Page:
While not all wounds could fully heal within this short span, noticeable progress was evident in the evacuees' well-being. Our campus became a haven for those in need, fostering a tight-knit community in a remarkably brief period. Many individuals from this community remain in contact today, a testament to the connections formed during their stay. This achievement wouldn't have been possible without our exceptional staff, dedicated volunteers (totaling over 40), and our resilient guests. Additionally, the support from our donors, supporters, and friends worldwide was instrumental in bringing our efforts to fruition.

Click below to read an interview with Jessie Colton, Campus Director, about the emergency housing program

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The Givat Haviva Shared Art Center's Initiative


Within two days following the devastating attack, The Givat Haviva Shared Art Center swiftly established an artistic activity hub catering to evacuees sheltering at Givat Haviva. Initially launching with a single workshop, the center rapidly expanded to encompass four extensive workspaces, utilizing the entire Arts Center. Collaborating with the center's staff were affiliated artists, art students, and a diverse team of art therapists, all contributing to conducting workshops as well as individual and group therapy sessions. With each passing day, an increasing number of children arrived, accompanied by their parents.


The unwavering commitment of The Givat Haviva Shared Art Center's staff was focused on providing a secure environment for our guests, facilitating avenues for self-expression, assisting in processing their circumstances and fostering the creation of new artistic endeavors.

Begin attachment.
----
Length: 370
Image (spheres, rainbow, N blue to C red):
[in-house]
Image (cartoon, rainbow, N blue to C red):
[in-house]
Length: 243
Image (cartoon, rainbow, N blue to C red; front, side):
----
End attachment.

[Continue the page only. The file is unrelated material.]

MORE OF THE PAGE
Open Workshops run by The Shared Art Center support team and volunteer teachers:  Ceramics; Printing; Arts and Crafts; Painting; Mosaics; Sewing

Examples of some of the one-time specialty workshops:  Paper Dolls, Paper Airplanes; Origami; Diary Creations 

Education and schooling

In order to meet the needs of the children, we ran two distinct educational tracks once the schools reopened in order to provide youth participants with normality and comfort.


Early Childhood Education (Ages 3-6)


Operated by qualified childcare professionals, the Givat Haviva Kindergarten was open six days a week, from 9:00 to 13:00. Each day, 20 children were supervised by a lead teacher and two assistants.


Informal Education (Ages 7-17)


Our informal education initiative focused on bringing joy to children and teenagers adjusting to unfamiliar environments. Through engaging activities, our aim was not just to alleviate their distress but also to foster a supportive youth community. Given that many families lived in cramped conditions, this program provided both young adults and children with space to heal.